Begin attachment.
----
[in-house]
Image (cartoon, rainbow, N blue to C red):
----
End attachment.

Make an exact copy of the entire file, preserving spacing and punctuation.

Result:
[in-house]
Image (cartoon, rainbow, N blue to C red):